Establish Marine Protected Areas, consistent with international law: While there are many cases where established Marine Protected Areas (MPAs) have had significant positive ecological outcomes, it is also feared that this is done at the cost of fisher communities whose livelihoods are directly and indirectly affected by total or partial closures of some fishing grounds. To avoid such social costs, MPAs need to be complemented with compensation or rewards for affected fisher communities. At the Convention on Biological Diversity (CBD) COP10 in Nagoya, Japan it was agreed that “by 2020, 10 percent of coastal and marine areas...(…)…are conserved through effectively and equitably managed, ecologically representative and well-connected systems ... (...)... and integrated into the wider seascapes” (CBD COP 10, Decision X/2). International Institute for Environment and Development suggests that by 2030, 20-30 percent of coastal and marine areas within the national jurisdictions of coastal and island states should be designated as protected areas.

Eliminate fishing subsidies which contribute to overcapacity and overfishing: Global fisheries subsidies are estimated at US$30-34 billion annually, with capacity-enhancing and fuel subsidies accounting for 20-24 billion USD. Subsidies are often provided when revenue is exceeded by costs, making many fishing activities economically viable consequently leading to overfishing. Fish stock depletion globally has been driven in part by high levels of fishing subsidies. A retreat from the subsidies in fisheries would considerably contribute to the conservation and sustainable use of fish stocks. However some fishery subsidies provided in the developing world have positive contributions to the overall wellbeing of fisher communities and poverty alleviation.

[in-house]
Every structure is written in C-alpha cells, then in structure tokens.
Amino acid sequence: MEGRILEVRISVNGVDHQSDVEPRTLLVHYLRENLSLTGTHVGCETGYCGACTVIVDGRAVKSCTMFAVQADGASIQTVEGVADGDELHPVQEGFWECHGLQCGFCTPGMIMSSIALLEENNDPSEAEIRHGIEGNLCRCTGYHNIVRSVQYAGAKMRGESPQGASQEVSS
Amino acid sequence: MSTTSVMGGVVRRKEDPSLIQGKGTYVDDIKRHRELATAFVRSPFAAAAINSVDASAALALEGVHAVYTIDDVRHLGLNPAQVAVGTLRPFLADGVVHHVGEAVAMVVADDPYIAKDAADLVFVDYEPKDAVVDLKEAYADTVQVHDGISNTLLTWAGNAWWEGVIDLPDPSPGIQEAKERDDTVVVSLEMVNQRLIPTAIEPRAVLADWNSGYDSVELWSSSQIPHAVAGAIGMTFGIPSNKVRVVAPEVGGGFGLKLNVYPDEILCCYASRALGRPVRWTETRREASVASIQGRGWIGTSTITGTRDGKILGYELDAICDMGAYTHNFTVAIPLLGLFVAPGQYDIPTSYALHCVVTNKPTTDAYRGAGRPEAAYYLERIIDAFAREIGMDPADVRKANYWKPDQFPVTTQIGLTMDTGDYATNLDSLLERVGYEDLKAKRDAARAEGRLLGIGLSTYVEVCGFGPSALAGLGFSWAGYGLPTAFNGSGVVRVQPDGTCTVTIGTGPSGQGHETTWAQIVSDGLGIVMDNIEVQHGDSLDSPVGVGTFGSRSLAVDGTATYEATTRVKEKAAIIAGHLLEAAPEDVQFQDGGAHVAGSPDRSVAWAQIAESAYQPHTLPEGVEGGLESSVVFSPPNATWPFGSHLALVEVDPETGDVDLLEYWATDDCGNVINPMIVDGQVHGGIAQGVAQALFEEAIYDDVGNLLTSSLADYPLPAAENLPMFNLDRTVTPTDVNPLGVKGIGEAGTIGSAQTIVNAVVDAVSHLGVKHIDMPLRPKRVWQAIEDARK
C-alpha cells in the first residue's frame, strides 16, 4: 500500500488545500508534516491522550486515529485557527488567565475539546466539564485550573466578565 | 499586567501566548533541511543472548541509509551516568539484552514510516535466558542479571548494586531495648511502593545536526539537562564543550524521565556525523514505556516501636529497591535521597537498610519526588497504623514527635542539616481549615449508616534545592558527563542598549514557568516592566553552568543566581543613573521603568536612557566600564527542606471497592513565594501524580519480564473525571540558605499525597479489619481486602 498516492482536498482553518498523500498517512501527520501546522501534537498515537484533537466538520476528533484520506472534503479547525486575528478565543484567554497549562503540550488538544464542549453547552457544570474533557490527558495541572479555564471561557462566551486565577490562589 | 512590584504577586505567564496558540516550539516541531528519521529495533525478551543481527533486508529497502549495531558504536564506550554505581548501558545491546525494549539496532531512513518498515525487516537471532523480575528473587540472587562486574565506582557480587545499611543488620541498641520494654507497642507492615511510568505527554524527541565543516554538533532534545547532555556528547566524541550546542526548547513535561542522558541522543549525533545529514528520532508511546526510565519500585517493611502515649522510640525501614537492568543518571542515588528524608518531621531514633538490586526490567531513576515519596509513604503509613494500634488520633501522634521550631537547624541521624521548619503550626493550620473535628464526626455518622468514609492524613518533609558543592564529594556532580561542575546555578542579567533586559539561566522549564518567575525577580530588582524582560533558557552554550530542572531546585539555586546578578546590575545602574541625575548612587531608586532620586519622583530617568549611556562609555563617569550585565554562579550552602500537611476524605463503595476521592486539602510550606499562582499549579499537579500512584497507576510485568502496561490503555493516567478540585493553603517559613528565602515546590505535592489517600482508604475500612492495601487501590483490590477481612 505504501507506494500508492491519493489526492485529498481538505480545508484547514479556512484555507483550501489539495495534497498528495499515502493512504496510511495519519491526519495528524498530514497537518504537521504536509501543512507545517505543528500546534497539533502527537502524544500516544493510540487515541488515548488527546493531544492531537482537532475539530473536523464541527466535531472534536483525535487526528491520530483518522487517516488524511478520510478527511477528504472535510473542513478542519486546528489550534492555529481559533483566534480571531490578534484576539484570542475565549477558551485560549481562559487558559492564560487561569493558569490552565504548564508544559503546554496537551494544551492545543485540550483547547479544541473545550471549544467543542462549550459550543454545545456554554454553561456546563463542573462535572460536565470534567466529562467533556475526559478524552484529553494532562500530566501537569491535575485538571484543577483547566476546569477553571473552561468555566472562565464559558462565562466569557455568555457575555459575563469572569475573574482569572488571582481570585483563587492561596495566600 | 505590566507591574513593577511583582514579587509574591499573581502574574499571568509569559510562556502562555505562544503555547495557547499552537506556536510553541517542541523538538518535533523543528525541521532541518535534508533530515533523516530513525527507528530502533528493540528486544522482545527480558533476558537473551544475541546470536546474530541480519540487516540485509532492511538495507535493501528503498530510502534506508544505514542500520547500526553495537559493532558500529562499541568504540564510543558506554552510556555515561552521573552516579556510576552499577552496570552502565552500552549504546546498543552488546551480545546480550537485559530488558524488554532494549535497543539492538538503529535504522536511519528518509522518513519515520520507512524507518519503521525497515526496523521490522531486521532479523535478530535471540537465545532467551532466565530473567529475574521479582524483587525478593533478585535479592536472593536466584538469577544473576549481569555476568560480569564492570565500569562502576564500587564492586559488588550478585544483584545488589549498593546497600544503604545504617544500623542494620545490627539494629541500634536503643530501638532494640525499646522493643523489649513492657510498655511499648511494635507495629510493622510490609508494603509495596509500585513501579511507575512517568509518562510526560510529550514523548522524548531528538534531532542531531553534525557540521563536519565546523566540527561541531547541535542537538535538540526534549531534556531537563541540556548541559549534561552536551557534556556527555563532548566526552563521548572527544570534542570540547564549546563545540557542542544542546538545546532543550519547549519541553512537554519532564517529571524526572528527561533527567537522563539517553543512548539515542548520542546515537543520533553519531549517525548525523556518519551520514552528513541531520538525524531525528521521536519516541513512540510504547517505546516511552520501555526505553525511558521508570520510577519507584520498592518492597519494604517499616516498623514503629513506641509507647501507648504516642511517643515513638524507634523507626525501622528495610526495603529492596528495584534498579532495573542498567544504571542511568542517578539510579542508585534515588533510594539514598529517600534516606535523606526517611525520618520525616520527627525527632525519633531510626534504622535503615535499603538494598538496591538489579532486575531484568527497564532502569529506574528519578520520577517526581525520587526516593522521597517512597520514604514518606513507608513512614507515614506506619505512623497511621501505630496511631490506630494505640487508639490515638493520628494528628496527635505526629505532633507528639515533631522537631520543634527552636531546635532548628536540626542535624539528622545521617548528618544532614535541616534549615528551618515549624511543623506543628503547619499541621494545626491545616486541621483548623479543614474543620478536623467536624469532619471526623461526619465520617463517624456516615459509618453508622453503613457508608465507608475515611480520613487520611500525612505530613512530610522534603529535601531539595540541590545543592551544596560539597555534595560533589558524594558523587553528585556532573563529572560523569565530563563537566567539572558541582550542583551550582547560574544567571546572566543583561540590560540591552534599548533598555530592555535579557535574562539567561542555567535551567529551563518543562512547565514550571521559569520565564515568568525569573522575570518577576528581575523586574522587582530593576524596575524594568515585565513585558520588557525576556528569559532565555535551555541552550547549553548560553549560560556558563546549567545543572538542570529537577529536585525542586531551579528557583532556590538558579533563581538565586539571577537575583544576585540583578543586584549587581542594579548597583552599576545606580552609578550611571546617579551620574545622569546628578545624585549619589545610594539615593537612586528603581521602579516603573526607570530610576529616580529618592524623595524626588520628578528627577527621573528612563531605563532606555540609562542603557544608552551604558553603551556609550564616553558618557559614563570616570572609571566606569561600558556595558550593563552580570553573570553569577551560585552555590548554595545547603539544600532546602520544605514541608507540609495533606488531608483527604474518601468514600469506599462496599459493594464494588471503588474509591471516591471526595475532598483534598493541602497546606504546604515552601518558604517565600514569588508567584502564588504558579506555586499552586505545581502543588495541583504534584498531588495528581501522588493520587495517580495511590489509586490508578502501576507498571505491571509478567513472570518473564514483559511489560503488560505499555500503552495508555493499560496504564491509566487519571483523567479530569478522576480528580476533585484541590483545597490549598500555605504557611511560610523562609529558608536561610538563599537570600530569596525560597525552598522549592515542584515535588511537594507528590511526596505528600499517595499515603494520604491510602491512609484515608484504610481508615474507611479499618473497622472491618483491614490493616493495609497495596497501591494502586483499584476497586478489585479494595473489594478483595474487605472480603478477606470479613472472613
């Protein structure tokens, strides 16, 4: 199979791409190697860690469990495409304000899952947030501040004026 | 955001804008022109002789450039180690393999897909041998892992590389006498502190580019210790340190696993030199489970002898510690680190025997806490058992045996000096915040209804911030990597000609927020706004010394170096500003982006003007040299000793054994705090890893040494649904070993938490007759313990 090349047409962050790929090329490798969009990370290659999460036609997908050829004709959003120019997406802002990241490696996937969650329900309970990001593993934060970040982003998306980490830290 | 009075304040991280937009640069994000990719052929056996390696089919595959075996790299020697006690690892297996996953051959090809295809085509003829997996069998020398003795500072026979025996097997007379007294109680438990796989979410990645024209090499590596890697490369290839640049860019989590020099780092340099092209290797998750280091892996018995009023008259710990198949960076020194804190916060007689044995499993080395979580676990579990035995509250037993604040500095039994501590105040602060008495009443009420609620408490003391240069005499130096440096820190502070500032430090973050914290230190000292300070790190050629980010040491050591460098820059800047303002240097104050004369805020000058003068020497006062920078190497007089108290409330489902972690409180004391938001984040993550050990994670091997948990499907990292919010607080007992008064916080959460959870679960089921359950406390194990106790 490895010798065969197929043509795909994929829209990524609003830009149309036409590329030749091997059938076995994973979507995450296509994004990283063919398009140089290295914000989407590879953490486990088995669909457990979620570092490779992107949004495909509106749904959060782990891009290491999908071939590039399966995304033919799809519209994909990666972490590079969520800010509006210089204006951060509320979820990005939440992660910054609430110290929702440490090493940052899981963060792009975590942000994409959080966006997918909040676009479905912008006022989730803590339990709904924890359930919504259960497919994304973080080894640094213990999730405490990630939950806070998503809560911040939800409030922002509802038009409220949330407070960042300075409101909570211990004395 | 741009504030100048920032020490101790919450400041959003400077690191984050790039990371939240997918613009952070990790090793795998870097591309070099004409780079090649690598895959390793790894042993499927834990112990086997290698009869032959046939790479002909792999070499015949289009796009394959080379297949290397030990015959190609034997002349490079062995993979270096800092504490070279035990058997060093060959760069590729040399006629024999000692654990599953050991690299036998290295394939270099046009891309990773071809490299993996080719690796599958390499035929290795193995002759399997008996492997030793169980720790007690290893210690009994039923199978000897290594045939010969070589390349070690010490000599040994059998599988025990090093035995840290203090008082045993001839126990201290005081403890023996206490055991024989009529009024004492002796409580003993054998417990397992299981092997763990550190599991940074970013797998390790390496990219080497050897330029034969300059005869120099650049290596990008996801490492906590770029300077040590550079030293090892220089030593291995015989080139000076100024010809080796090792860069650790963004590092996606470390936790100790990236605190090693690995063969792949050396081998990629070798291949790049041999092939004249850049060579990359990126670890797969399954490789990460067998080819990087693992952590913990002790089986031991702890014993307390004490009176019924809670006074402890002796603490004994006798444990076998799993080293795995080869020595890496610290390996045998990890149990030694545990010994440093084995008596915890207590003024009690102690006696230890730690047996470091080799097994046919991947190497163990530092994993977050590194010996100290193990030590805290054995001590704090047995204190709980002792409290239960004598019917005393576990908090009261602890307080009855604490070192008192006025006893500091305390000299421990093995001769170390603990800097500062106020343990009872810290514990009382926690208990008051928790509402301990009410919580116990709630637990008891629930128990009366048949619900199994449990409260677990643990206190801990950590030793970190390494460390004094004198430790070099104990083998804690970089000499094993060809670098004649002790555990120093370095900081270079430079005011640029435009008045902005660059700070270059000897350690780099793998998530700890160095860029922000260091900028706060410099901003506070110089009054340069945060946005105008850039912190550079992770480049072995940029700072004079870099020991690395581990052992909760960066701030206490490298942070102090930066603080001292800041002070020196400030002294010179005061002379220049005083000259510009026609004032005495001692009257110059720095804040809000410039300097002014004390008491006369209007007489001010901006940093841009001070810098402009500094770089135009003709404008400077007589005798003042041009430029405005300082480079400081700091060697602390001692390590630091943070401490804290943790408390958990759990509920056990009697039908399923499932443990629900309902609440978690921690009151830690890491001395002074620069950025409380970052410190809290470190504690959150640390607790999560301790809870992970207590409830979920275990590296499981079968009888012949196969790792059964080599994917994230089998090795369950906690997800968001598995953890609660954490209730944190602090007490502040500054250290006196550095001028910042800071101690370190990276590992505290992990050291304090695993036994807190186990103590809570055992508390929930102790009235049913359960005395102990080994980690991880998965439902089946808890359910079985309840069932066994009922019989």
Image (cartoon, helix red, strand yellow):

It is extremely important to first and foremost define the desired state of global oceanic ecosystems and work retrospectively.

Conclusion

In order to realise targets discussed so far as part of the SDG process, and indeed also as the process moves forward, it is extremely important to first and foremost define the desired state of global oceanic ecosystems and work retrospectively. Unless this is done, it will be very difficult to prioritise measurable and achievable targets and actions. To do so, there is a need to fill knowledge gaps pertaining to optimal pollution levels, historical state of marine and coastal habitats, and climate change impacts. Last but not least, more regional and global coordination is needed to ensure successful implementation of the existing fragmented management regimes.

A longer version of this article is available in Biores, May 2014. 

This paper is based on a policy briefing published by the International Institute for Environment and Development (IIED): Fisheries and the post-2015 development agenda, IIED, January 2014.

Author: Essam Yassin Mohammed, Researcher in Environmental Economics and leads a work programme on Economics of Marine and Coastal Fisheries with Sustainable Markets Group of the International Institute for Environment and Development (IIED). He is also a member of the LDC Independent Expert Group on Post-2015 Development Agenda.